Yesterday’s post featured author Lyn Fairchild Hawks’ novel, How Wendy Redbird Dancing Survived the Dark Ages of Nought. Lyn’s experience as a teacher in economically diverse and racially mixed schools shaped her novel (and her life) in profound ways. Today she answers the question, What is the best advice you’ve ever received?
From Lyn: When I was a novice high school English teacher, I would often seek out my department chair. She was the one who explained to me why I didn’t have to write a script for every word I’d say in class and who told me why I should be on time to department meetings. (Keep in mind I was marking students tardy and didn’t see the irony.) She offered me brilliant lessons to emulate and unwavering support with my most challenging students. When I wasn’t sure how to help kids who struggled with neglect, poverty, and gangs, she was there for me: a true mentor.
One time I reached out to her because one girl – I’ll call her Sandra – once a cheerful and eager student had suddenly one day shut down. She stopped submitting homework and couldn’t wait to exit class. I felt like a failure when my words left no impression and phone calls home got no result. My chair agreed to join me for the parent conference because I was desperate and needed guidance.
My mentor looked Sandra in the eye and told her she was a diamond. And that sometimes, diamonds are covered in a lot of s*%$.
I remember watching the parents’ faces with fear, but there was no reaction; they stared at their daughter, as if begging her to respond. I realized they were in my same situation: wondering why Sandra was a wall several stories high.
Later, we learned Sandra was hiding her pregnancy. She was 14.
My mentor knew that tough times call for tough words, and she knew to cut through the polished language and ritual of a parent-teacher conference to rattle this girl locked in her own cage. It didn’t matter that Sandra’s face was unreadable; I had no doubt in my soul my mentor’s words had pried her lid open just a crack and would be sealed somewhere in the vault.
I recall my mentor telling me afterwards that we never know as teachers whether we will be the first, the thirteenth, or the hundredth person to intervene in a student’s life. We won’t know when a girl who seems impermeable and determined to self-sabotage will suddenly respond to help being offered. We have to trust we are part of a greater chain of love and hope, each link building to something bigger, giving efforts that might one day lead to change. Trust in that process, rather than our own power or efficacy. Believe that carbon can convert; luminous growth does happen. Sometimes our youth surmount terrible obstacles and experience lives of joy. That is why you as a teacher must try and try again.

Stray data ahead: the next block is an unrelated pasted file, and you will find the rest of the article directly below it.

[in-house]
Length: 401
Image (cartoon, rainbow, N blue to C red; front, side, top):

I can’t tell you the end of Sandra’s story; she left for the alternative school and we didn’t stay in touch. My tiny attempt to reach her and my mentor’s bold words may have been part of a chain. I pray that they were.
Some people might hear this story and think I rationalize to keep myself going. Perhaps they would point to those students those who couldn’t rise above the struggle and remain lost to violence, abuse, and poverty till this day. Students where they can say, No interventions helped.
And maybe they’re right: perhaps the moment I just described was really for me more than Sandra; I’ll never know for sure. I do know that in subsequent years I learned again and again how it’s not all about my efforts and my success or failure. It’s about the trying to find a way to reach someone and most of all, the caring. With some students, I saw movement within my short time of influence because I was privileged to witness their courageous, bold choices. I saw them embrace the light rather than darkness threatening from every corner. There was Jamie who said to me every morning, And how are you today, ma’am?, cracking jokes and helping me keep his class of rambunctious fellow seventh graders in line though what waited for him at home was a grim trailer and an ill father on disability. There was Marlene who stepped in when the lead for A Raisin in the Sun got sick, and saved the day with her enthusiasm, even though a fellow teacher had told me Marlene and her fellow cast members were “trash.” And there was Paul who wrote beautiful prose despite his battles with seizures and a harrowing story of immigration, days of near death after he and his family left Vietnam. These kids’ belief in life sustained mine.
As a Young Adult author, I write about kids like Sandra. I call them Wendy and Minerva and convert my guilt and helplessness into new people, places, and outcomes when there’s nothing else I can do. A plot twist leads a character around a bend where luminous change beckons. And whenever I craft a character of a teacher, the eternal question remains: “What would my mentor do?”